Celebrating democracy and libraries this Fourth of July
Garfield County Libraries
The Garfield County Libraries have much cause to celebrate in 2013 during our 75th anniversary. By the end of this year, Garfield County Libraries will have completed its intensive rebuilding project, bringing six new and remodeled libraries to Garfield County — a momentous achievement well suited for such a significant milestone.
This Fourth of July, as the nation celebrates its 237th birthday, the Garfield County Libraries want to take a moment to reflect on public libraries in America. Though many libraries are closed in observance of this holiday, including the Garfield County Libraries, the New York Public Library is making history by exhibiting an original copy of the Bill of Rights and a draft of the Declaration of Independence written by Thomas Jefferson for the first time ever. This exhibit ties the documents upon which our nation was formed with public libraries, a truly democratic institution.
Regarding the exhibit, NYPL’s president said, “Libraries are the true foundation of our democracy of informed citizens.” This statement and exhibition speak to the important role of libraries in today’s world as one of the few existing institutions where people have free, unrestricted access to information. Public libraries — an establishment we all often take for granted — are a true a symbol of democracy, or as Franklin D. Roosevelt put it, “the great symbols of the freedom of the mind.”
Public libraries have been around in some version or another since the 1600s. The history of American public libraries is a story about democracy and freedom that starts with one of the nation’s Founding Fathers, Thomas Jefferson. Jefferson, who once proclaimed, “I cannot live without books,” was known for his love of books and extensive personal library. After the Library of Congress burned down in 1814, Jefferson, who had acquired the largest personal collection of books in the country, sold his collection to Congress. Jefferson also said, “I have often thought that nothing would do more extensive good at small expense than the establishment of a small circulating library in every county, to consist of a few well-chosen books, to be lent to the people of the country under regulations as would secure their safe return in due time.” If only Jefferson could see public libraries today.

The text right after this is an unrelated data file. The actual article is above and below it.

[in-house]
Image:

The Garfield County Libraries got its start in 1938 with the opening of the New Castle Library. In 1964, the Carbondale City Library became the first branch of the county library system, followed by the Glenwood Springs City Library in 1969, the Rifle Library in 1976, the Silt Library in 1980, and the Parachute Library in 1982.
Today, new libraries are being enjoyed in Parachute through New Castle. After five years of construction, we are preparing to open the final new libraries in Carbondale, opening later this month, and in Glenwood Springs, which will open in September. What a significant accomplishment to observe on our 75th birthday. Looking forward, the Garfield County Libraries will continue to provide information access in its communities, serving its democratic purpose for the foreseeable future.
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